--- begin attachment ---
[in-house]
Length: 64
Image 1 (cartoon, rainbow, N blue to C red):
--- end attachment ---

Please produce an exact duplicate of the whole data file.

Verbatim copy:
[in-house]
Length: 64
Image 1 (cartoon, rainbow, N blue to C red):